Easter Egg Cake Cookies

One of the very first recipes I EVER created all on my own were cake cookies.

I was about 9 or 10 and just getting into experimenting in the kitchen. I wanted to make some homemade cookies, and ended up mixing up a bunch of things in a bowl--flour, eggs, sugar, milk, vanilla, baking powder. I scooped piles of the resulting dough onto a baking sheet and stuck it in the oven, sitting down in front to peek in every few minutes.

What came out was, miraculously, delicious!

They weren't like any cookies I'd ever tasted--these were more like little round cakes--soft and plump in the middle, with a bit of crisp around the edges.

My brother and I ate these along with one of his friends, who I remember suggested putting butter on it (a genius idea that at the time we thought was weird, but which now I love--cake or cookies spread with salty butter is delicious!).

The problem was that since I had literally just winged the whole thing, I had no idea how to recreate it.

Years passed and I forgot about those childhood cake cookies. But then one day I tasted a black & white cookie--the New York City favorite of a soft cake-like cookie iced with chocolate and vanilla frosting.

They tasted like MY cake cookies!

I've since made black & white cookies a few time, though I've never written about them here. But while wondering what to do for Easter, I thought it would be fun to make egg-shaped cake cookies iced with a mix of white and pastel vanilla icing.

So that's exactly what I did. These are a fun recipe to make with kids--the cookies bake up quickly and then you can have a messy, drippy blast icing the cookies with colors of your choosing.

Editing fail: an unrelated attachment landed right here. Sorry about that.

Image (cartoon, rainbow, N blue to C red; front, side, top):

I love the Jackson Pollack-like mess that results.

These keep well for about 1-2 days, but being cake, they tend to get a little stale any longer than that.

Note that you'll also need an egg-shaped cookie cutter. I actually bent a round biscuit cutter into an egg shape (much to Eugene's horror: "But it'll never be a perfect circle again!!!"), but you can easily find egg cookie cutters all over the place these days.

And check this out from The Latin Kitchen, if you're looking for some other Easter dessert ideas for kids.

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Easter Egg Cake Cookies
Adapted from Smitten Kitchen's Black & White Cookie Recipe
Makes about 12-14 Cookies

1 1/3 cups granulated white sugar
1/2 cup (1 stick) unsalted butter, softened
2 large eggs, room temperature
3/4 cup whole milk
1 teaspoon vanilla extract
1 1/2 cups all purpose flour
1/4 teaspoon baking powder
1/2 teaspoon kosher salt
4-5 cups confectioner's sugar
1/2 cup water
Food coloring in a few different colors

Preheat oven to 375 degrees. Line a baking sheets with parchment paper or grease with baking spray and set aside. You'll need an egg-shaped cookie cutter for this recipe.

In the base of a mixer, beat together sugar and butter until light and fluffy. Beat in the eggs for 5 minutes until very light. Mix in the milk and vanilla.

In a separate bowl, whisk together the flour, salt, and baking powder. Mix the dry ingredients into the wet, mixing just until everything is combined.

Pour the batter into the prepared baking sheet. Spreading it out so that it's even and about 3/4" to 1" thick (it may not reach the edges completely). Bake for about 20 minutes, or until the edges have browned and the center of the cake springs up to the touch. Let cool in the baking sheet about 10 minutes.

Spritz the cookie cutter with a bit of baking spray and use to cut out egg shapes in the cake. (Feel free to snack on the edges!)

Set the eggs on a cooling rack to cool completely.

For the icing: Divide the sugar into 3 bowls (or more depending how many colors you are using), and add 1 to 2 teaspoons of water per bowl, whisking until very smooth. You want to go slow with this as if you add too much water it will be too thin to stick to the bowl. Leave one bowl white and then color the other to your desired shade. Use a spoon or small spatula to ice half of all the cookies white. Then color in the other half with the shade of your choice.

The icing is too thin and won't stick? Add more confectioners sugar. 
Too thick or has hardened? Add a bit more water.

Let the icing set before serving.

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